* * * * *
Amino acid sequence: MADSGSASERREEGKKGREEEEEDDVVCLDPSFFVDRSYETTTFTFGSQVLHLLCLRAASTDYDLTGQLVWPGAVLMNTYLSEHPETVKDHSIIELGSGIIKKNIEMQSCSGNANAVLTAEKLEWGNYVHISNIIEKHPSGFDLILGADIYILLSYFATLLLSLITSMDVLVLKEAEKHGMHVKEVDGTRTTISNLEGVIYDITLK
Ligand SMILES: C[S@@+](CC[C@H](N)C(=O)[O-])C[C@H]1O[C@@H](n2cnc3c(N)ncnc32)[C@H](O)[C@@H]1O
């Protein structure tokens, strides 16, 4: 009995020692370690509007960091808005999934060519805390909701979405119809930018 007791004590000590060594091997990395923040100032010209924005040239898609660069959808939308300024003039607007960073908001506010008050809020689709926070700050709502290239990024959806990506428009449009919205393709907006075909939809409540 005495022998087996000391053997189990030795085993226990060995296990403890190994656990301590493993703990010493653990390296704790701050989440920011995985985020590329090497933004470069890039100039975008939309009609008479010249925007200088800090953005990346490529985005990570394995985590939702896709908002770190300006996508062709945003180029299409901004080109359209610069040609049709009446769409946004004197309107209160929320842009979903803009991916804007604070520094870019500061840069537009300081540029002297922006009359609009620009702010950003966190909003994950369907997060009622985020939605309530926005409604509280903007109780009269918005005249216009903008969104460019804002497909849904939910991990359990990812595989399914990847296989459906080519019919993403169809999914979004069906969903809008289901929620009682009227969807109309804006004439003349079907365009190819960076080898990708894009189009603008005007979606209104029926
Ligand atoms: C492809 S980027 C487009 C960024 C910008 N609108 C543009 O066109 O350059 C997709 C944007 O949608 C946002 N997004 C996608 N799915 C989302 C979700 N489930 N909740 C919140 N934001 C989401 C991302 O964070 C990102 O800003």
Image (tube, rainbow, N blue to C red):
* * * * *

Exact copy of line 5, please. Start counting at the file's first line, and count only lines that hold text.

Image (tube, rainbow, N blue to C red):